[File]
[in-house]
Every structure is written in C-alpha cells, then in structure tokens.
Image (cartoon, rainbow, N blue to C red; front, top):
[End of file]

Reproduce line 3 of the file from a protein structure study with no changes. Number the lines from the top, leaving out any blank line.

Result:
Image (cartoon, rainbow, N blue to C red; front, top):